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Supply chains in the UK are among the least secure in Europe, according to new research from QBE.
The insurer looked at how political, economic, environmental, cyber and infrastructure risks hit companies’ ability to build strong supply chains across Europe, and ranked the results.
The UK came towards the bottom, in 12th position out of the 15 countries that were assessed. Only Spain, Italy and Greece ranked lower.
The top three positions were occupied by the Netherlands, Switzerland and Sweden.
The research was based on data compiled from sources including the EU, the World Bank, the United Nations and the International Labour Organisation.
One of the reasons why the UK ranked so far down was the poor quality of its infrastructure, especially roads and air transport.
Richard Pryce, chief executive of QBE’s European operations, said: “The UK’s infrastructure lags behind many European peers which is unacceptable for a country of our economic aspirations.”
He added: “If we are to be a nation that continues to build economic growth, it is essential that components and goods can be effectively . . . moved around the country.”
“With Brexit fast approaching, it is more important than ever that the country is able to move components and goods in and out of the UK. The survey shows just how far behind the UK is with our northern European neighbours.”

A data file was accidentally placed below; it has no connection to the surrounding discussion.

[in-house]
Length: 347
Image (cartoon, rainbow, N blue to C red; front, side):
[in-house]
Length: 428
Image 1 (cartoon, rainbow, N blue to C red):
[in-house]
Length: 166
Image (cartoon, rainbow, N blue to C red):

The research suggests that only Italy and Greece have worse road infrastructure than the UK.
The UK also scored poorly on political risks to supply chains, as the risk of terrorist attacks offset higher scores for political stability and the rule of law.
The country fared slightly better when it came to environmental and economic risks. The relatively low risk of floods, earthquakes and droughts meant that it came fifth out of 15 on the environmental assessment,
For economic risks, the UK was in the middle of the pack thanks to high scores for labour/employer relations, the burden of the customs procedure and ethics. The UK also scored relatively highly on cyber security.
The high score on the customs procedure could be under threat from Brexit. A survey earlier this year from the Chartered Institute of Procurement and Supply found that 46 per cent of European businesses expected to reduce their use of UK suppliers because of Brexit. A third of UK businesses that used EU suppliers were expecting to look for domestic replacements.
The top country, the Netherlands, did well in most categories with the exception of exposure to floods.